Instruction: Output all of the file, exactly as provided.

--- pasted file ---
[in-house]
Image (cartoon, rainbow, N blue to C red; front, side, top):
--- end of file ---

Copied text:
[in-house]
Image (cartoon, rainbow, N blue to C red; front, side, top):